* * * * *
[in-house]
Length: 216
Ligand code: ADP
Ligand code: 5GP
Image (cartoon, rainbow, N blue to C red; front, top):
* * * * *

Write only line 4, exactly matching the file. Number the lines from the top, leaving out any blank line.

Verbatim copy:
Ligand code: 5GP